Limits...
Minimally invasive management of anastomotic leaks in colorectal surgery

View Article: PubMed Central - PubMed

ABSTRACT

Anastomotic leakage is an unfortunate complication of colorectal surgery. This distressing situation can cause severe morbidity and significantly affects the patient’s quality of life. Additional interventions may cause further morbidity and mortality. Parenteral nutrition and temporary diverting ostomy are the standard treatments of anastomotic leaks. However, technological developments in minimally invasive treatment modalities for anastomotic dehiscence have caused them to be used widely. These modalities include laparoscopic repair, endoscopic self-expandable metallic stents, endoscopic clips, over the scope clips, endoanal repair and endoanal sponges. The review aimed to provide an overview of the current knowledge on the minimally invasive management of anastomotic leaks.

No MeSH data available.


Related in: MedlinePlus

Endoscopic appearance of anastomotic leakage. A: Anastomotic leak with a cavity before endoscopic vacuum-assisted closure therapy; B: The same cavity covered with granulation tissue (black arrow) three weeks after vacuum therapy was initiated.
© Copyright Policy - open-access
Related In: Results  -  Collection

License
getmorefigures.php?uid=PMC5037335&req=5

Figure 2: Endoscopic appearance of anastomotic leakage. A: Anastomotic leak with a cavity before endoscopic vacuum-assisted closure therapy; B: The same cavity covered with granulation tissue (black arrow) three weeks after vacuum therapy was initiated.

Mentions: The endo-sponge continuously removes secretions, improves microcirculation, and therefore induces granulation formation in the defect. It also aids closure of the pelvic cavity by the application of negative pressure of 125 mmHg[26] (Figure 2). One disadvantage of this method is the requirement to change the sponge every 2-4 d until the abscess cavity has regressed[25,28,29]. However, this treatment is more effective at shrinking cavities, especially when used within 6 wk after the AL[10,30]. It should be noted that generalized peritonitis is not an indication for endo-sponge therapy[12,25,29]; and the overall complication rates are around 20%, mainly comprising anastomosis stenosis, recidivate abscess and fistula[26].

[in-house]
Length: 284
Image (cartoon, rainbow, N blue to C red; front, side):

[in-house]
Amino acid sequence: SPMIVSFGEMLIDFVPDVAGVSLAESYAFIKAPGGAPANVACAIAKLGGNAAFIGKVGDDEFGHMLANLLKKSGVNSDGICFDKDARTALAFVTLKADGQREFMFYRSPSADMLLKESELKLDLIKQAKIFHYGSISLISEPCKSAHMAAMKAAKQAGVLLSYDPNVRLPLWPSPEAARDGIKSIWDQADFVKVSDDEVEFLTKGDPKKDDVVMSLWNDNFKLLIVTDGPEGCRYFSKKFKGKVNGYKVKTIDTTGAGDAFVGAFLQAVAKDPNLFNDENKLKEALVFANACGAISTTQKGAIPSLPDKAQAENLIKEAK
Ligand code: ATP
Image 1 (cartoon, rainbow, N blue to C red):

Minimally invasive management of anastomotic leaks in colorectal surgery
Endoscopic appearance of anastomotic leakage. A: Anastomotic leak with a cavity before endoscopic vacuum-assisted closure therapy; B: The same cavity covered with granulation tissue (black arrow) three weeks after vacuum therapy was initiated.
© Copyright Policy - open-access
Related In: Results  -  Collection

License
Show All Figures
getmorefigures.php?uid=PMC5037335&req=5

Figure 2: Endoscopic appearance of anastomotic leakage. A: Anastomotic leak with a cavity before endoscopic vacuum-assisted closure therapy; B: The same cavity covered with granulation tissue (black arrow) three weeks after vacuum therapy was initiated.
Mentions: The endo-sponge continuously removes secretions, improves microcirculation, and therefore induces granulation formation in the defect. It also aids closure of the pelvic cavity by the application of negative pressure of 125 mmHg[26] (Figure 2). One disadvantage of this method is the requirement to change the sponge every 2-4 d until the abscess cavity has regressed[25,28,29]. However, this treatment is more effective at shrinking cavities, especially when used within 6 wk after the AL[10,30]. It should be noted that generalized peritonitis is not an indication for endo-sponge therapy[12,25,29]; and the overall complication rates are around 20%, mainly comprising anastomosis stenosis, recidivate abscess and fistula[26].

View Article: PubMed Central - PubMed

ABSTRACT

Anastomotic leakage is an unfortunate complication of colorectal surgery. This distressing situation can cause severe morbidity and significantly affects the patient’s quality of life. Additional interventions may cause further morbidity and mortality. Parenteral nutrition and temporary diverting ostomy are the standard treatments of anastomotic leaks. However, technological developments in minimally invasive treatment modalities for anastomotic dehiscence have caused them to be used widely. These modalities include laparoscopic repair, endoscopic self-expandable metallic stents, endoscopic clips, over the scope clips, endoanal repair and endoanal sponges. The review aimed to provide an overview of the current knowledge on the minimally invasive management of anastomotic leaks.

No MeSH data available.


Related in: MedlinePlus